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Dirty Data & Your Marketing

- March 29, 2011 - 0 Comments

Customer and prospect data is the life’s blood of truly effective marketing.  As marketers we acknowledge this, but are we focused more on the size of our databases? Is size really what matters? Ok. It matters a little, but it may be that quality matters more. When your data is old, incomplete, inaccurate (aka dirty), marketing performance and ultimately sales suffer.  In fact, in a recent DemandGen Report, it’s not only sales and marketing that are impacted. Surveyed companies noted that Finance (30%) and customer relationships (54%) are also effected.

So how bad is our data? According to the DemandGen Report, more than 62% of companies rely on marketing data that is 20% to 40% incomplete or inaccurate. Almost 85% of the companies surveyed say they are operating CRM and sales databases that house between 10% and 40% bad records.

What is bad data, exactly? It can be as simple as an email address missing from a record that is otherwise current, duplicate records, incorrect contact information for a company that otherwise meets your ideal customer target… basically, it’s any data that impedes your ability to reach the contact from a marketing and sales perspective.

With 8 out of 10 companies that their lead generation efforts have been effected by bad data, what can you do to make sure that your company is not one of them?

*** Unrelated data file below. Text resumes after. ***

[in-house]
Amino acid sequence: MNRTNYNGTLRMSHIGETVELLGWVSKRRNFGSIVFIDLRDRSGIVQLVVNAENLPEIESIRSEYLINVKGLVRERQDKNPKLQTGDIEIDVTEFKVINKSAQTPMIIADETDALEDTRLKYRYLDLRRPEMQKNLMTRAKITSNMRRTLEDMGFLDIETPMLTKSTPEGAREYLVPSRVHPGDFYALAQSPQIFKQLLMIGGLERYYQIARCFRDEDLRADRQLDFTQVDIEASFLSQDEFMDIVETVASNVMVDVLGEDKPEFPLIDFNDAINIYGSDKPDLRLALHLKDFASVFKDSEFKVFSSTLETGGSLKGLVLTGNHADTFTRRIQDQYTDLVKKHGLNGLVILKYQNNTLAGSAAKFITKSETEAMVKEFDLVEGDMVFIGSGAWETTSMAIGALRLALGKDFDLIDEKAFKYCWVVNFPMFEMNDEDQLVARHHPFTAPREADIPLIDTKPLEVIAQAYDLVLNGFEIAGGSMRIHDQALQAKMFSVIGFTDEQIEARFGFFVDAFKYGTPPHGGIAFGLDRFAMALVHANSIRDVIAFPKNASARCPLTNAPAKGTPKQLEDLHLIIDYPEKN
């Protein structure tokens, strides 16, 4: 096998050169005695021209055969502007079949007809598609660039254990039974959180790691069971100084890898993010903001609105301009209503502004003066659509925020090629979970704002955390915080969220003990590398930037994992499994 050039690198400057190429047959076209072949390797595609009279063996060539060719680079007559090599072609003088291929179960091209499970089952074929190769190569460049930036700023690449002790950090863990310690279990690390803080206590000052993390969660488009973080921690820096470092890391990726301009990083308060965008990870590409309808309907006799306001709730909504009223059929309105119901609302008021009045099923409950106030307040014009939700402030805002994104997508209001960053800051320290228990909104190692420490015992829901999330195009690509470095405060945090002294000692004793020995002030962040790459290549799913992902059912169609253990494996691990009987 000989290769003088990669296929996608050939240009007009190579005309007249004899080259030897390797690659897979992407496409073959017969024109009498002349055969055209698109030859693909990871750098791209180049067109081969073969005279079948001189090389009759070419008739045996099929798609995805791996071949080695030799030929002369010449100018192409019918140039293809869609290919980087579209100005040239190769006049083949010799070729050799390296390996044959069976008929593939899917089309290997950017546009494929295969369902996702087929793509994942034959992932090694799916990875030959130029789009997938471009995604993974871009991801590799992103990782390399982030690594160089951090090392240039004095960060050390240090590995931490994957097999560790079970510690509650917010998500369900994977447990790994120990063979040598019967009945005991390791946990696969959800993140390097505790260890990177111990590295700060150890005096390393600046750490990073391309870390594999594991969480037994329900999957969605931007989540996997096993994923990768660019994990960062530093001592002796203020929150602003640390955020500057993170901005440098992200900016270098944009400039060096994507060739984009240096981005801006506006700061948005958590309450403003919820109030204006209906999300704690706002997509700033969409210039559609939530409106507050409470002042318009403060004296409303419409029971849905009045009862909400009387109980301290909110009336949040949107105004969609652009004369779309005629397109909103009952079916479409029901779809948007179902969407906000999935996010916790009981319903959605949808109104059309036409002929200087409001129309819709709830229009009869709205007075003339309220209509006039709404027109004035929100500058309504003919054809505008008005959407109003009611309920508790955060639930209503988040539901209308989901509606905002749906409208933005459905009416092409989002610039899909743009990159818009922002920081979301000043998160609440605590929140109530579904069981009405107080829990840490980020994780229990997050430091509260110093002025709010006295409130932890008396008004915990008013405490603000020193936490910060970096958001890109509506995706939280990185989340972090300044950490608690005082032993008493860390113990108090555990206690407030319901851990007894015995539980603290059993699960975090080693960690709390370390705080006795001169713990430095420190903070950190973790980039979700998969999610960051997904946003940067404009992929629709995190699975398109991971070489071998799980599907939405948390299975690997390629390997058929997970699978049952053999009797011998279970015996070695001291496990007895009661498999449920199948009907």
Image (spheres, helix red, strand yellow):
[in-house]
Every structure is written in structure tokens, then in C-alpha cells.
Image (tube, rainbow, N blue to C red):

Here are some tips that may help you approach your polluted databases with a plan:

  • Cleanse your database regularly – Analysts suggest quarterly cleansing for databases of 100,000 or more contacts. Smaller databases can be maintained on a semi-annual basis.
  • Utilize list vendors – List cleansing can be a tedious business and for most of us, it makes sense to enlist the help of a list vendor.

When working with a vendor to cleanse your data, consider the following:

  • Make sure the vendor is the data source – Many list brokers license data, but do not have ownership of the source data. If the vendor is the data source, chances are they will be more diligent about data verification.  
  • Find out when the data was last verified and refreshed –  Unverified and old data is bad data. Make sure you’re not putting more bad information into your marketing databases.  
  • Try the data before you buy – If you’re purchasing new lists for marketing purposes, ask for a sample list and do a test run to gauge response rate. Focus your purchase on the data that proved to be more accurate and provided the best response rate.

 Ask yourself, how much more successful can your marketing efforts be if you had clean data. Then get out your broom and do a little spring cleaning on your prospect and customer data.


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